Over the past twenty years the phrase GSM has become
quite popular among serious wine lovers. Sommeliers are using the term to discuss their wine list, and tasting room personnel in California’s Central Coast wineries
toss it to and fro like it was commonplace. For those of you who are coming on our
September trip to the Rhone Valley and don’t know the term, you need to know
it. GSM is code for the immensely popular
Rhone blend of Grenache, Syrah and Mourvedre.
The Rhone Valley is the second largest wine growing region in France. GSM is dominant throughout both of its two sub regions, the northern & southern Rhone. Here’s a recap of these three varieties that comprise GSM.
One of the most versatile red grapes in the world, Grenache thrives in hot, dry climates such as the Rhone Valley, Spain (where it is named Garnacha), and California. Grenache produces wines that can range from light to full-bodied; from simple inexpensive wines that offer immediate satisfaction to complex ones that are cellar worthy and do not come cheaply. Grenache is all about fruit…strawberries, blackberries, raspberries. That being said, the variety’s earth notes can include an interesting layering of spices such as allspice, cinnamon or pepper, as well as subtle nuances of floral notes.
Grenache is the superstar grape in the wines of the southern Rhone. Chateauneuf du Pape, for example, is typically a blend of 75% Grenache. In second and third place in the south’s blend are Sryah and Mourvedre, respectively.
Wine-Knows visit the famous hill of Hermitage in the Northern Rhone
Unlike the southern Rhone where Grenache rules, Syrah is
King in the Northern Rhone dominating the blend in famous wines such as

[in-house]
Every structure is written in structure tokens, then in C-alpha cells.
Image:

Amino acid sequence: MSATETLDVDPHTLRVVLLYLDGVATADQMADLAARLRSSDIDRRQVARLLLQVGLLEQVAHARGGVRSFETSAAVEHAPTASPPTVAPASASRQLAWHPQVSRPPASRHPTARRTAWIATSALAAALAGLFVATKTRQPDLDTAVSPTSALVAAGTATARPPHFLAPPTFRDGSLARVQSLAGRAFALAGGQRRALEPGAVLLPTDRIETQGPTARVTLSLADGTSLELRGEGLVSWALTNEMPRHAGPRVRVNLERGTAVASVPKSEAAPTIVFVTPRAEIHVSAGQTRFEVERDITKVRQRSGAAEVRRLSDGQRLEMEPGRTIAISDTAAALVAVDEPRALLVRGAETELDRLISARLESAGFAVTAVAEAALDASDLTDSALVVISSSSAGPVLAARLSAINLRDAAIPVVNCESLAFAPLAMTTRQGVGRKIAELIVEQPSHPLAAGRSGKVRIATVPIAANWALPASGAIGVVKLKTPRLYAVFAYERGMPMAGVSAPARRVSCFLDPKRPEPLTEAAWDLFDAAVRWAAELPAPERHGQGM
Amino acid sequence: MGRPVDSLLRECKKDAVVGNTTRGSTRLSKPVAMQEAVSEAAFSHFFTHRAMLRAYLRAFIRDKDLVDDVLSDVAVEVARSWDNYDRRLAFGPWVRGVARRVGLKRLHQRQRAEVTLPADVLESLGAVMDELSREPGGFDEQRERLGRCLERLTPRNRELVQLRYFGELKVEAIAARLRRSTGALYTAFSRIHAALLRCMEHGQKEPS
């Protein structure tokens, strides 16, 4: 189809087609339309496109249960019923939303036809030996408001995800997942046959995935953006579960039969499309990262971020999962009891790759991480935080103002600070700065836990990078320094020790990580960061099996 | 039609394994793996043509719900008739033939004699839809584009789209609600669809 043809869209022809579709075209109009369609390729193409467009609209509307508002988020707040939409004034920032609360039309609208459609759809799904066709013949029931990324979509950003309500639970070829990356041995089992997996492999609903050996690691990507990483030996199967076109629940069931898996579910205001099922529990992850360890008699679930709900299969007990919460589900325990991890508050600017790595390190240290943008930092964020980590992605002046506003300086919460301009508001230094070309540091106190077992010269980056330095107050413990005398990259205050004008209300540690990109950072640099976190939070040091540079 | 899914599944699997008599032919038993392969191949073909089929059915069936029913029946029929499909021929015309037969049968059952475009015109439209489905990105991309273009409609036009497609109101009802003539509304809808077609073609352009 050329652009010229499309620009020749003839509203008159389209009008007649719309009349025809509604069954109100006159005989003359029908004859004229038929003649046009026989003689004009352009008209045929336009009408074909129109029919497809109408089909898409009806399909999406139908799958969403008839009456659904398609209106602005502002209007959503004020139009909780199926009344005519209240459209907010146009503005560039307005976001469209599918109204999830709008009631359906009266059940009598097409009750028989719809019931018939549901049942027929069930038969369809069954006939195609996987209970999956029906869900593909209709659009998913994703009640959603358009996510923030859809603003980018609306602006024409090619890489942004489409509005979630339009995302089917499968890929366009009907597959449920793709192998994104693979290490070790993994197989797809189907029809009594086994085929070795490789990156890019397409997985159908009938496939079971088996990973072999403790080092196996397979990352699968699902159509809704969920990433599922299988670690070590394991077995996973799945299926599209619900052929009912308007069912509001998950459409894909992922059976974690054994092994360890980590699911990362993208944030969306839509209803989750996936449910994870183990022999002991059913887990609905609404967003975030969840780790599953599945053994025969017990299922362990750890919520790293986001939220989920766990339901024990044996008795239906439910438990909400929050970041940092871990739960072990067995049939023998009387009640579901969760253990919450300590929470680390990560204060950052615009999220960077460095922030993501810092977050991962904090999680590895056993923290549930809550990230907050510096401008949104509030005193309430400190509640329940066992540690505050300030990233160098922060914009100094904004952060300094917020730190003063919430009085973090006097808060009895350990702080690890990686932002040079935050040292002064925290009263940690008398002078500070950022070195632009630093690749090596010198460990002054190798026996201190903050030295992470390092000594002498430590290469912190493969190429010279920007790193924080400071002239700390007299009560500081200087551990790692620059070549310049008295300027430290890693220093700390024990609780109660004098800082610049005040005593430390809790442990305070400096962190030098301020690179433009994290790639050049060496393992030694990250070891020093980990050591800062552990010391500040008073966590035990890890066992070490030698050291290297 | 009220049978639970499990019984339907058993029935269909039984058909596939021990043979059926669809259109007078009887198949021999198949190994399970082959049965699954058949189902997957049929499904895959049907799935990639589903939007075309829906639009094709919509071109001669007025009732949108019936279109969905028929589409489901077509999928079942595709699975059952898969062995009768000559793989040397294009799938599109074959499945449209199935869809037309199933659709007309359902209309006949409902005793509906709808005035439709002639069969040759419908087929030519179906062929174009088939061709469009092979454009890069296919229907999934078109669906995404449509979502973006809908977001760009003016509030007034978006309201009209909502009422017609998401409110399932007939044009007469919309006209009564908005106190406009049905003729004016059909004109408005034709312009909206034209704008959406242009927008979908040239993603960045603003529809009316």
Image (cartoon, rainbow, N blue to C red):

Hermitage and Cote-Rotie. In fact, DNA
testing shows the Syrah grape is indigenous to the Rhone Valley.
Syrah, in contrast to Grenache, contributes not only firm tannins that make for powerfully flavored and full bodied wines, but Syrah’s very dark inky color adds deep hues to these northern Rhones. Similar to Grenache, on the other hand, the Syrah grape yields rich fruit flavors in the form of black cherry, blackberry and plum. Syrah also provides a beguiling spice profile of cloves, licorice, white or black pepper, and even chocolate.
The “M” part of GSM tends to produce deeply-colored
and tannic wines that can be high in alcohol.
Mourvedre is mainly used for blending in both the northern &
southern Rhone and is rarely vinified as a varietal except in the appellation
of Bandol (on the Mediterranean) where the cooling maritime influence can
change it into a rockstar. Mourvedre
offers earth flavors such as leather, as well as dark fruit flavors. There is often even a patina of chocolate.
If you’re joining the Wine-Knows' harvest tour this
September in France you’ll have several opportunities to sample GSM in the
famous southern Rhone appellation of Chateauneuf du Pape, as well as Hermitage
and Cote Rotie of the northern Rhone. We
have remaining 1-2 spaces still available for a lucky GSM lover. But, since we’ll also be visiting Burgundy and
Champagne on this same trip, Pinot Noir & bubble lovers are also welcomed!